Ordering Emotions in Europe, 1100–1800, edited by Susan Broomhall

In: Journal of Jesuit Studies

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Leiden: Brill, 2015. Pp. 319. Hb, €126.

In the last few years, the rapidly maturing field of studies of medieval and early modern emotions has greatly benefited from the collaborative effort of the Australian Research Council Centre of Excellence for the History of Emotions at the University of Western Australia. This volume is a fine and fitting product of their collective endeavor. It forcefully moves away from the sterile distinction often made in research between the normative efforts of arranging and regulating emotions and the actual practices of lived emotions To the contrary, the volume argues that the considerable attention to emotions in contemporary treatises, literary texts, visual representations and written testimonies reflect, but also steer the everyday reality of emotions in people’s lives. The main emphasis in the volume is on moral, ethical, and religious perspectives raised by emotional concerns. The binding dynamic of the volume, well articulated by the editor in the introduction, is that individuals ordered their emotions in everyday life because it helped them connect to society and its moral values. Pervasive in the volume is attention to the gendering of discourses. Topics range from twelfth- and thirteenth-century Scholastic thinking on the supernatural and on masculinity to medieval theories on the emotional effects of music, and Christine de Pizan’s conceptions of family relations and female experiences. For the late medieval and early modern period, grief, compassion, anxiety, jealousy, fear of demons, and fears of patients are all analyzed through compelling case studies. Two contributions specifically deal with Jesuit writings, both dealing with love, affection, gender, and friendship.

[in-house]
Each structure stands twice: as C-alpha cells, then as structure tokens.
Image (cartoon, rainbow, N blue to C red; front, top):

Raphaële Garrod analyzes how Francisco Suárez and Nicolas Caussin conceptualized maternal love as a contingent experience (involving much suffering, pain, and grief) that paralleled eschatological perspectives. Prescribing maternal love as charity (involving among other things the acceptance of personal grief), both Jesuits argued for the intellectual foundations of maternal emotion, channeling emotional energy toward overcoming the natural condition of maternal despair and turning it into spiritual longing for the afterlife. In intellectual terms, this raises important questions about the use of Stoic thought by authors like Suárez and Caussin. Garrod discusses these on the basis of their texts and accepts that such discussions contributed to the porousness of the boundaries between supposedly oppositional thought systems. Her suggestion is that this conceptual eclecticism contributed to the effectiveness of the eschatological prescriptions. Yasmin Haskell points out how adolescents in French Jesuit schools at the turn of the eighteenth century adroitly learned to place themselves in the position of somebody else entirely through Latin didactic poetry. As an offshoot, this fueled their friendships and strengthened their sense of belonging to a community. The pupils practiced, pace Haskell, an imaginative understanding of others through the emotional repertoire of historical and contemporary examples of perseverance. The emphasis seems to be on the practice of friendship and much less on martyrdom, a major theme in that other great genre of Latin education, school drama. Indeed, it seems that in the classroom more than on the stage a more free emotional repertoire could be experimented. That repertoire emphatically included one’s own experiences and imaginations. How this related to emotion management by the boys on the stage is as of yet unclear.